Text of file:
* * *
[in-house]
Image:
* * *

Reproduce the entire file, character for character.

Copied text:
[in-house]
Image: